After leaving post I was commissioned by the BBC to present a radio documentary on Prevent. The programme, “Understanding Prevent”, focusses on Prevent in schools and features interviews with everyone from CAGE to the Security Minister. It was broadcast on Radio 4 on 25 July, and remains available (38 min) on iPlayer and as a podcast.
Here’s a flavour, from the conclusion of the programme:
The Government was surely right to apply Prevent to all forms of terrorism, not just the Islamist variety. But by extending it into vague concepts of British values, and non-violent extremism, it has chosen a difficult road.
Perhaps Prevent is being asked to do too much. There are plenty of reasons for Government to help promote tolerance, encourage critical thinking and open closed minds. But try to do those things through a vehicle designed for counter-terrorism, and you have to work a lot harder to win people’s trust.
During my time as Independent Reviewer I wrote a number of articles, including about my work and about terrorism, and gave evidence to numerous parliamentary committees. All this material remains, for the time being, on the Independent Reviewer’s website.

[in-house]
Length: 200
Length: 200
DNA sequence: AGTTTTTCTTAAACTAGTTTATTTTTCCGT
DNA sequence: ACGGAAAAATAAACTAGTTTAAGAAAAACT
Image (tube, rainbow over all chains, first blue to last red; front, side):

Various valedictory interviews and podcasts that I gave in late 2016 and early 2017 may be found here.
At the root of many of these debates is human rights, a subject on which unrivalled quantities of nonsense are spoken.
This recent post presents a pragmatic argument for human rights in the security field, concluding:
Human rights are not the preserve of the faint-hearted. Rather, they legitimise and strengthen both the fight against terrorism and the defence of democracy.
It links to this article in Prospect, based on an address given to the Parliamentary Assembly of the Council of Europe in Strasbourg, which discusses the role of human rights in helping us decide what must be tolerated – and what must not.